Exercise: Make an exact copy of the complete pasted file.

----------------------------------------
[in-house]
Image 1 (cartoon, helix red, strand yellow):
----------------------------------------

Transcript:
[in-house]
Image 1 (cartoon, helix red, strand yellow):